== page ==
| Quote #4
I shall the effect of this good lesson keep,
After Laertes warns his little sister about the dangers of premarital sex, Ophelia points out the double standard at work in Laertes's advise. In other words, our girl's not afraid to tell her bro that he's got no room to talk about chastity, especially given that he's been running around like a "puff'd and reckless libertine." Ophelia's remarks here also demonstrate that she's not necessarily the wimp some literary critics paint her to be. Here, she gives as good as she gets. So, what happens to Ophelia?
| Quote #5
After a lengthy speech about why Ophelia can't trust anything Hamlet says or promises (including any and all "vows" of love), Polonius orders Ophelia to stop seeing Hamlet. As an unmarried daughter, Ophelia has no choice but to "obey," and she does. We soon learn that Ophelia rejects all of Hamlet's letters and refuses to see him. When Polonius questions her she says "as you did command / I did repel his letters and denied / His access to me" (2.1.5). Polonius then uses Ophelia as bait to spy on Hamlet and, as an obedient daughter, she has no other option than to go along with whatever her father says (3.1.2). Essentially, Ophelia is powerless – over her own body, over her relationships, and over her activities. It's no wonder that she cracks later in the play, after Hamlet verbally abuses her and then murders her father.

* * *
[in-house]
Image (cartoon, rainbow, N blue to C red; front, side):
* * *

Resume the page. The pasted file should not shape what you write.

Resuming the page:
| Quote #6
Why, what an ass am I! This is most brave,
Whoa! Hamlet's pretty hard on himself for not being able to avenge his father's murder. But why does he call himself a "whore" and a "scullion"? Hamlet seems to think that not avenging his father's murder makes him a coward and, therefore, like a woman. And, since Hamlet thinks all women are "whores," he must be one too. He also sees his inability to carry out the Ghost's orders as a betrayal of his father. As we know, Hamlet associates betrayal with women, especially his mother.